Weather Says Whither

Today we saw on Jeffrey’s Apple Watch this alert from yesterday. It occurred during the Attack of the Tumbleweeds.

Yesterday’s battery-by-tumbleweed, and the wind blast that flipped us over, on the heels of Monday’s assault on (and by) Rabbit Ears Pass, reminded us that we are not on an amusement park Ride. The Ride takes place in the real world of motorists, pavements, terrain, wind and weather.

We don’t mean to overdramatize. We don’t take risks like the people who flee their country to escape persecution. We keep in perspective the winds that buffeted us, the dust cloud that scared and begritted us.

We wouldn’t trade places with this 1930s Dust Bowl driver. He had one advantage, though: no need to pedal.

Still, this morning, an Oklahoman who works as an oil well safety inspector, said he pulled his truck over to wait out yesterday’s storm. We had nowhere to hide, until Warren pulled over for us.

Today’s NW winds helped more than they hindered, as we pedaled ENE.

Tomorrow we want to pedal 100 miles north and east, to Mullen. The forecast is for dangerous NW wind gusts of 40 mph (64 kph). If the forecast bears out, we’ll choose a safer 55 miles east to North Platte instead.
Today Jeffrey made the 13th annual Ride’s first motel waffle.
No maple trees were tapped to make this all-artificial breakfast.
This federal highway ran parallel to BNSF railroad tracks. This part was OK. Some stretches were much better. Some was badly crumbled and potholed, not fit for cyclists nor for enormous trucks. Taken as a whole, the people of the United States should be ashamed that our country puts its name on infrastructure of such low quality when we can afford better.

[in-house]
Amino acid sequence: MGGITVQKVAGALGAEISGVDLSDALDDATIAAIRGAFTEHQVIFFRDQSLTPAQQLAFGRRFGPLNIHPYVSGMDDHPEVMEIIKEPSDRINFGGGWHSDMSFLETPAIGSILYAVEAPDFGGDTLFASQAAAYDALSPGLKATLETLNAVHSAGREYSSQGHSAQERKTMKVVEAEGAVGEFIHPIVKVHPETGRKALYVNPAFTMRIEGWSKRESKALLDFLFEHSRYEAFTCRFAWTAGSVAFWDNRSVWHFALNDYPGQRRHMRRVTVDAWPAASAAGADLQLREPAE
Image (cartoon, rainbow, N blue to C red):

BNSF keeps its tracks in better shape than the feds keep their roads. We exchanged waves with track workers in this rail-truck.
A cow (at right) is the City of Crook (pop. 133) welcoming committee.
A Colorado county road to … where?
Ovid, Colorado, was on the Pony Express route. The Pony Express ran between Missouri and California from 1860-61, when it was replaced by the telegraph.
Old farm machinery outside Ovid.
Julesburg (pop. 1300) grain elevator. This is agribusiness country.
Our 45th of the Lower 48 States! I’m lashed to a signpost, facing our Sprint 26.
Nebraska is a cattle state. We saw people wear cowboy hats as they drove trucks.
It’s a farming state too. These are Big Springs grain elevators.
We liked the look of this old hotel.
For over 70 miles today, our route had been flat as a pancake. At Big Springs, we were surprised to find 2 miles of steep hills.
The hills looked to be made of sand. That would mean that this area, over 3500’ (1000 meters) above sea level, once was the bottom of a sea that filled with sand eroding off ancient mountains. The mind reels …

Soon the road leveled off and the hills flattened to look like the Colorado landscape we’d just left.

This sign in Ogallala confirms that we are on the old covered wagon route to California.
Tim gave us a friendly welcome to Ogallala. He asked for details about the Ride. Tim said the same weather system that hit us gave Nebraskans a hard time too.
Parth owns the motel. He was interested in the Ride, took great interest in our vehicle, and wished us well on our journey.

A word to our readers:

We love your comments. They keep us going. We almost never reply; after managing the Ride and writing a photoessay day after day, we don’t have the bandwidth. Know that we’re grateful for your support. We delight in every word.

Where to next? Mullen or North Platte?

Come back tomorrow to find out.